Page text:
Keynote Speaker: Lead with Vulnerability


By: Jacob Morgan, Author, “Leading with Vulnerability”

Growing up, Jacob’s mom emanate emotional vulnerability, and his dad was not. His dad was more stoic. It was all about mental or physical toughness.

Lead with Vulnerability

Fleetwood Grobler, CEO of Sasol acknowledged that the company is struggling and is undergoing a hard time. I believe we can rebuild trust, so come with me in this journey and help transform our company. This statement signals leadership. Because leading with vulnerability is important so long as it’s partnered with leadership.

Admit to mistakes and show what you’ve learned so you don’t repeat the mistake again.

Purely being vulnerable is not in your best interest. You have to demonstrate you’re fixing your gaps. Not just ask for help but also propose steps to fix the problem.

A vulnerable leader is a leader who intentionally opens themselves up to the potential of emotional harm and takes action to create positive outcome. Remember:

Vulnerability + Leadership = Vulnerable Leadership

In a survey of 14,000 employees, there were 13 factors to consider as follows:

However, the more senior you become, the less you practice these attributes in leadership. The more senior you become, the less you wish to show your emotional vulnerability.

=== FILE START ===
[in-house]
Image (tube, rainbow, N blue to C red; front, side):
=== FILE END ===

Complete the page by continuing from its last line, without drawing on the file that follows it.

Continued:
It is alarming to see how the higher you are in the hierarchy, the less vulnerable you become.

Attributes and behaviors that were beneficial to you before are no longer beneficial today. It was a badge of honor before to work as a tough boss. It was accepted and respected. However, things have changed and now as leaders have a choice. Are leaders going to adapt and change or keep to the status quo.

The more vulnerability you bring in, the greater your leaders have of being high quality. Here are some of the LOI of leading with vulnerability:

There are 8 attributes for vulnerable leaders:

1. Competence: Be good at your job

2. Self-confidence: Believe in yourself

3. Drive to do better, to be better

4. Self awareness and understanding your strengths and weaknesses

5. Self compassion: How do you talk to yourself

6. Integrity: Not just telling the truth, but the decisions you take and the decisions you say no to

7. Empathy: see things from other people’s perspectives

8. Authenticity: Be consistent with your staffs and everyone else

Find out what your base camp is for you. Find out what’s the scariest things is for you. Give yourself things to do to climb your vulnerability mountain. Build your vulnerability mountain and climb it.

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